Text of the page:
The report ―Industrial Internet of Things: Unleashing the Potential of Connected Products and Services‖ prepared by World Economic Forum says that ―in the next 10 years, the Internet of Things revolution will dramatically alter manufacturing, energy, agriculture, transportation and other industrial sectors of the economy which, together, account for nearly two-thirds of the global gross domestic product (GDP).‖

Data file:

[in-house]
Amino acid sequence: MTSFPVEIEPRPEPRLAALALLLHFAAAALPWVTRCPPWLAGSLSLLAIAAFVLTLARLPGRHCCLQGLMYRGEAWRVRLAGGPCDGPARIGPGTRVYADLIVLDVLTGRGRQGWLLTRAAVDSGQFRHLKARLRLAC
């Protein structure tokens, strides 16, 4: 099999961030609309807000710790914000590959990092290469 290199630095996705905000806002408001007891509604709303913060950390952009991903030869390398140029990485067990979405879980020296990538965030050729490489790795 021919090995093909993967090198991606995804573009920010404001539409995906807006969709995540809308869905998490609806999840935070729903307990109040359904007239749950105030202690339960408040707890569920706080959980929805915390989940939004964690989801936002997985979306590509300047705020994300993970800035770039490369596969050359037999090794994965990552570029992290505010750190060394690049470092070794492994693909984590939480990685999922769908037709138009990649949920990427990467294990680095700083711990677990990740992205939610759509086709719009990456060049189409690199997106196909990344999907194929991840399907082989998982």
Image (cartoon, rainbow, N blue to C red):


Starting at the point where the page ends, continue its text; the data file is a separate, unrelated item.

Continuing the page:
It was left to Peter Zornio, Chief Strategic Officer, Emerson Process Management, to point out that automation companies have been providing control systems that connects and optimizes plant and machine performances for many years. In his article in Forbes about the Internet of Things in industries, Peter Zornio points out that -ever since the development of microprocessors and network-based instruments - companies in the process industries such as oil and gas, chemicals, refining, pharmaceuticals, manufacturing and mining have been avidly exploring how to use sensors to make their processes more reliable, efficient and safe.‖ He has gone on to highlight that they have been in the forefront in integrating very large amounts of data from numerous sensors to aid the efficient and safe operation of industrial companies. ICS companies have been offering control systems such as DCS, PLC, and SCADA to gather real-time plant operating data, analyze them, and generate actionable information and initiate control actions.